Definition of libretto in US English:



  • The text of an opera or other long vocal work.

    • ‘It is also a very good recording including a sumptuous libretto and extensive historical notes.’
    • ‘Auden, in his librettos for Britten, Stravinsky, and Henze, established himself as an important writer in the form.’
    • ‘Although he is best known for his novels, he also wrote plays, poetry, essays, filmscripts, opera librettos, and many other texts which confound traditional generic categories.’
    • ‘If you are a real lover of art, you will appreciate its exquisite melodies, fine librettos, marvellous arias, charming performances, as well as the beautiful costumes and makeup.’
    • ‘Yet, he can still knock out a great tune when the libretto demands it.’
    • ‘His right to do this in an opera libretto will be disputed by no one.’
    • ‘Whether in opera libretti from Mozart to Verdi or in the wind and percussion sections of the modern orchestra, Western music has gathered elements of the Islamic world as if to strip them of their differences.’
    • ‘An opera libretto is something we would like to do, but it is a matter of finding the time.’
    • ‘On the concerto disc is also a choral work with a libretto devised to show the cruelty of man to beast and bird.’
    • ‘Thus, when I do get to write my own texts and libretti, it allows me to fulfill the dreams of my ‘inner writer’.’
    • ‘The libretto imports a number of Elizabethan lyrics which add to the overall lyrical quality of the work.’
    • ‘Are there scholars earnestly studying opera libretti, minus their music?’
    • ‘The Yeomen of the Guard, the most operatic of Sullivan's scores with Gilbert, and the most serious of Gilbert's librettos, has been lucky on records.’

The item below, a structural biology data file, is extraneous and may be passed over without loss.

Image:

• ‘He wrote librettos, screenplays, book reviews, everything possible in the English language, and on top of all that he played the French horn.’
    • ‘It's amazing that we haven't had more opera, or more writers writing librettos - libretti, to be more precise - and more composers working in this area.’
    • ‘Mozart's operas to librettos by Da Ponte examine attempts to constrain the irrationality of desire within the artificial boundaries of class and society.’
    • ‘In making his libretto from the biblical text, he has boldly put that figure at the centre of his scheme.’
    • ‘The libretto contains an essay, a synopsis, and texts in English and transliterated Russian.’
    • ‘The notes are skimpy and there are no librettos; you are referred to a web site where they may be secured, but they weren't there when I tried to retrieve them.’
    • ‘First, although it provides an Italian libretto, there are no translations of the sung text.’
    text, book, screenplay, lyrics, score, lines, parts, dialogue, words, manuscript
    View synonyms


Mid 18th century: from Italian, diminutive of libro ‘book’, from Latin liber.